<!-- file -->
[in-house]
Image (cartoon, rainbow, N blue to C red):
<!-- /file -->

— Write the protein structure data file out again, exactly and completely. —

[in-house]
Image (cartoon, rainbow, N blue to C red):